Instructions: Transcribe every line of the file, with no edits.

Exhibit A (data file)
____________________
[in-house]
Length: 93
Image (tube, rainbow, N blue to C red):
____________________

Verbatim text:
[in-house]
Length: 93
Image (tube, rainbow, N blue to C red):